The real danger to North America’s west coast.
We hear a lot about the Keystone XL pipe line project through the sensitive North American areas and the issue of oil tankers potentially polluting the coast of British Columbia in an accident and damaging its pristine northern Pacific Ocean environment, with its rich biosphere.
In the meantime, from the US Oregon coast via Tofino on Vancouver Island to the Haida Gwaii islands, the coast from Prince Rupert to the uppermost tip of the islands at Masset, pretty much the whole west coast to the north, possibly including the Alaskan coast, is currently being polluted by plastics.
We know that plastics release estrogen-mimicking hormones into the environment. If you like to know more about the various chemicals released by plastics, click here.(http://www.environmentalhealthnews.org/ehs/news/dangers-of-plastic)
This process happens directly by the deteriorating plastic releasing its chemicals into the ocean water, as well as indirectly by the sea creatures swallowing the plastic pieces, thinking it is food. Then that chemical mix is transferred to humans at the top of the food chain eating the seafood, and depending on how much seafood one eats, humans will be poisoned, silently and secretly.
Vast quantities of plastic and other debris, estimated at five million tons of it, are washing up. This debris arrives currently all the way from Japan 5000 miles away, where two years ago a tsunami swept whole towns into the ocean. It is estimated that 70% of the debris has sunk to the bottom of the ocean already. The illustration below is from the National Post that indicates the progression of the debris field and its size.
The debris contains among other things many plastic articles of all kinds, from lawn chairs to plastic floats used in the farming of fish, barrels, twenty-liter containers, bottles and all types of other plastic products. A spectacular find in May last year was widely publicized in the media when a steel box container still had a Harley Davidson motorbike in it with a Japanese license plate, washed up on the shore of Naikoon Provincial Park on Graham Island on BC’s coast.
The Fifth Estate with Mark Kelly has produced a documentary titled Second Wave about this problem that is underestimated in its effects on our environment and kept quiet by the mainstream media. Why is this not a sexy news item? Maybe the photos explain it.
The documentary shows the influence of plastic in the debris. Plastic is notoriously slow to deteriorate, some say it will take centuries, and so it stays in the environment for a long, long time–many human generations long. Sharks and other teethed creatures play with and bite at the objects until these objects are damaged and easily break off into smaller pieces.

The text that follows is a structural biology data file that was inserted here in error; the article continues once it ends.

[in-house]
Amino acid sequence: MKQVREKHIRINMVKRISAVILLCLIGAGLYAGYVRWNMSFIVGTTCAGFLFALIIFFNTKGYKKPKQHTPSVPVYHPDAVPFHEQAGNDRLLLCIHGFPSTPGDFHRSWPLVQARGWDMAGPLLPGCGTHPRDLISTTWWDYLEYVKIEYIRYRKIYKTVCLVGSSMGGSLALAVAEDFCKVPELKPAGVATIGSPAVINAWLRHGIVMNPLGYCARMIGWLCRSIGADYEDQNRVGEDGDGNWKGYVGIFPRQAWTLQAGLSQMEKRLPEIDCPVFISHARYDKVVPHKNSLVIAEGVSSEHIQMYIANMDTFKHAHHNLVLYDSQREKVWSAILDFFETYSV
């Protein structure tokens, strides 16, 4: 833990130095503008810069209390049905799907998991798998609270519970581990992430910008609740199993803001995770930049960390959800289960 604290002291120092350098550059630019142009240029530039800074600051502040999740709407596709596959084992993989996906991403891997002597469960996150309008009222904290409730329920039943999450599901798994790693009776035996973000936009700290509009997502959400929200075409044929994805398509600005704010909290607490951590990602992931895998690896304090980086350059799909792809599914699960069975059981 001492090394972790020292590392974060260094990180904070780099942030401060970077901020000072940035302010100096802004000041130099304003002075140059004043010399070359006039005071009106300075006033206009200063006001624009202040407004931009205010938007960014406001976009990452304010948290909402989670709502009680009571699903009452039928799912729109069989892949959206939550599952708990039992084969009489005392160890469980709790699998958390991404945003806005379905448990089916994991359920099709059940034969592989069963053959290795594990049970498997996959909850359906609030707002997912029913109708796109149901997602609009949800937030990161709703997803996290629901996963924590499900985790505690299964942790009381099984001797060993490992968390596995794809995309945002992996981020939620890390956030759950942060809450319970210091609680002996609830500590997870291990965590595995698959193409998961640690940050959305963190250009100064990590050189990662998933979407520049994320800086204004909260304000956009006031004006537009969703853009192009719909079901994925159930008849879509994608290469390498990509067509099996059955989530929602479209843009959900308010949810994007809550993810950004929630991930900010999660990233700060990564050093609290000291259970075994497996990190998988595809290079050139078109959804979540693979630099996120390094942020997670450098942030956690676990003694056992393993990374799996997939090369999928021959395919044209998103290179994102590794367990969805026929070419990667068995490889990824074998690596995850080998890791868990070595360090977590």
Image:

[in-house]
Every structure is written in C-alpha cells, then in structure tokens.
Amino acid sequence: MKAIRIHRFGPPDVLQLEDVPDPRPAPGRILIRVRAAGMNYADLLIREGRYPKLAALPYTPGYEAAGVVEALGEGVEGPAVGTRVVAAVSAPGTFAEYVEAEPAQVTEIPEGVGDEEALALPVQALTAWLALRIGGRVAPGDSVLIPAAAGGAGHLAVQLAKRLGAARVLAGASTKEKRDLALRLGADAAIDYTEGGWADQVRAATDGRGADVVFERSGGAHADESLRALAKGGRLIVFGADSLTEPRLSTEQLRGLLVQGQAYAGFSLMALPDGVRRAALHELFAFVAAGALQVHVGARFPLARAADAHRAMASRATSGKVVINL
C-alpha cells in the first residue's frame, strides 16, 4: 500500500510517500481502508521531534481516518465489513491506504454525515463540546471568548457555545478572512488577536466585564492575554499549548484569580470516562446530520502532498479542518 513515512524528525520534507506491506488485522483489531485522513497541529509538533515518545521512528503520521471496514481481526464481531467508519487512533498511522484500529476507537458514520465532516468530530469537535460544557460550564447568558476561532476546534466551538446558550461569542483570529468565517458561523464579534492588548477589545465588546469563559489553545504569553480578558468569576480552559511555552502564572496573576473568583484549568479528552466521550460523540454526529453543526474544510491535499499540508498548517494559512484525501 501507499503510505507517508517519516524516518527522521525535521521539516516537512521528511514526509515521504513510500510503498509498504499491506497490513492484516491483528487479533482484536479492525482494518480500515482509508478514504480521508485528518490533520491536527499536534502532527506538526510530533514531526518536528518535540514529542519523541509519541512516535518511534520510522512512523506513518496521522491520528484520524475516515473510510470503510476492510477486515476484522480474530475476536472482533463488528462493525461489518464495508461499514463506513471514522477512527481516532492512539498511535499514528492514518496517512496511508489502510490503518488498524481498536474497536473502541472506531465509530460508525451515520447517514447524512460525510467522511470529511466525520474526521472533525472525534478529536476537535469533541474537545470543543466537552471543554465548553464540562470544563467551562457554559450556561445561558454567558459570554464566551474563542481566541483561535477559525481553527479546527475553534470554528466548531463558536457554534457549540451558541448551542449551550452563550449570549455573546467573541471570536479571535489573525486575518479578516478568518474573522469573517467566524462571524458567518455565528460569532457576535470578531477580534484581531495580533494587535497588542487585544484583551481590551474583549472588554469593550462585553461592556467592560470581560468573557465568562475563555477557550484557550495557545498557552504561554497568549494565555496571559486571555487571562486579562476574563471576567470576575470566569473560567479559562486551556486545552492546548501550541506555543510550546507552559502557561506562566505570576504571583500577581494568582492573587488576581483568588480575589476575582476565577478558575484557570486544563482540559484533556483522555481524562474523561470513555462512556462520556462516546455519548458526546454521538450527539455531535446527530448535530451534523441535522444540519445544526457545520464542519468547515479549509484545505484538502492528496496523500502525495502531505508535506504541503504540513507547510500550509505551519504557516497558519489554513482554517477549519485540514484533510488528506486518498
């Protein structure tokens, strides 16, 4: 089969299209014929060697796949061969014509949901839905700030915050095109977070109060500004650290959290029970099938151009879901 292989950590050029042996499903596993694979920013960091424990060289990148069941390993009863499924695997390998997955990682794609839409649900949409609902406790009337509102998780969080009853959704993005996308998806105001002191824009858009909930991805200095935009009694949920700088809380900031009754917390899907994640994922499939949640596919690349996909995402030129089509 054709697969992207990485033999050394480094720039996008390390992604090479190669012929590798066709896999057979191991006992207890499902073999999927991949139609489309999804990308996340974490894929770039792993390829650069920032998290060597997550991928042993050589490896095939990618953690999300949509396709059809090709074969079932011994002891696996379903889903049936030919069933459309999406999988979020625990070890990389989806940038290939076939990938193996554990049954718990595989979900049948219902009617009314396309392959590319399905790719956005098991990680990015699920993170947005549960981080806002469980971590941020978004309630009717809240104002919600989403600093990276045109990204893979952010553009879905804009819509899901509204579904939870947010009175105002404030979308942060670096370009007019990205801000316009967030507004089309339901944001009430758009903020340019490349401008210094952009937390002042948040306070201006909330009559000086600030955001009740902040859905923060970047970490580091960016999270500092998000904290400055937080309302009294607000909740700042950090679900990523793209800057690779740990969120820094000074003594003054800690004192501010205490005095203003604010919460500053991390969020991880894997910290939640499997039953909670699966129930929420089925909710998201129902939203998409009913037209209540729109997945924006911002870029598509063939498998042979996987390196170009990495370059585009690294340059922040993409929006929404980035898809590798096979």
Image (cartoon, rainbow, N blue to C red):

Until that time of complete deterioration, sea creatures will be eating plastic, generation after generation, mistaking those bits floating in front of their noses for food, gobbling up and gobbling up some more, until they die from an inability to digest this plastic mass in their stomachs.
The photo below is published by the US Navy.
Fish caught with this in their stomachs are processed for human food consumption anyway. As consumers we do not know how much oestrogen-like substance has been absorbed by the fish in its yummy salmon steak or lox before it got caught. We do not question when it arrives on our table.
That fish’s reproductive cycle is most likely also disturbed by the chemicals released in its body. Male reproduction is negatively affected by oestrogens; that is valid for humans and possibly also for animals. We might be anticipating a future crash in fish populations, as well as in human populations that eat a fair quantity of seafood. How much seafood is safe? Not a particularly sexy or welcome subject to write about in the media.
There is not much we can do. Nobody is to blame, as a tsunami is a natural disaster, not a man-made disaster in the case of a pipe line break or a oil tanker shipwreck.We felt sorry for the Japanese affected by this disaster. We donated to the relief efforts. The newsworthy quality has passed. We don’t want to hear about it anymore.
The media was full of photos and stories then. However, two years later, the effects are not a news item. The public’s attention is short-lived. As well, if we cannot blame anybody, the news reporters and their editors are not that quick to get involved, is my thesis. It is much sexier to vilify a political leader or a whole party, or even a whole nation, or a culture that has a different take on what religion or societal structure they want to maintain.
An illustration of this is what happened recently in the media in India, where suddenly a whole nation becomes aware of how they treat their female population after one young girl was gang raped on a public transportation bus and died. This sparked large demonstrations in the streets to protest the injustices women experience by being assaulted and raped with impunity as a common occurrence.